With the draft less than two weeks away, opinions on Tagovailoa vary wildly. On April 3, Bleacher Report’s Matt Miller reported that “Tua ranks as QB4 on one board I saw … and was QB3 on another.” Former NFL general manager (and former Ringer podcaster) Mike Lombardi said that he flunked at least one team’s physical and could drop as far as the no. 12 pick. Yet in a Washington Post story published last week, Dilfer said, “If he would have never gotten hurt there would have been no discussion about who the best player in the draft is. He throws the football better than anyone throws the football. He throws better than Aaron Rodgers and Dan Marino. Whoever gets him wins the draft because you are getting a Hall of Fame player.”
The biggest question mark surrounding Tua, of course, is the track record of injuries. But his hip injury—described a few months ago as “potentially career threatening”—now seems unlikely to hamper him in his debut NFL season. Recent medical checkups have been “overwhelmingly positive” and “as positive as possible.” He is expected to be ready for training camp, if and when it begins.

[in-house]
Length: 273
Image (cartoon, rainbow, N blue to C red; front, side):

If Tagovailoa is injury-prone, then he also seems prone to miraculously bounce back from injuries. Last year he sprained his ankle, an ailment that some thought would end his season. Two weeks later, he threw for 418 yards and four touchdowns against eventual national champ LSU with a metal rod holding his ankle together. (It was the only regular-season loss of his college career, and I’d argue 418 yards and four touchdowns is pretty good.) Now, every discussion of Tua’s devastating hip injury includes a subsequent account of his remarkable recovery.
Drafting Tagovailoa is a risk, just like turning to an unproven true freshman backup quarterback at halftime of the national championship game is a risk. To some, the idea of betting on him might seem ridiculous, especially given all the ways that he differs from other top quarterback prospects who came before him. But what makes Tagovailoa different is that he’s uniquely great. The team that drafts Tua may feel the thrill of leaping into the unknown, even though he’s as close to a sure thing as quarterback prospects get.